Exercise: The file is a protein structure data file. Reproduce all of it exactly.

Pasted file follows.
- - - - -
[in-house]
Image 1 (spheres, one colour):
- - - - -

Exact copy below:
[in-house]
Image 1 (spheres, one colour):